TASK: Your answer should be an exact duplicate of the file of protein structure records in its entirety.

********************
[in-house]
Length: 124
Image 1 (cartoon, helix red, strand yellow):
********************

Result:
[in-house]
Length: 124
Image 1 (cartoon, helix red, strand yellow):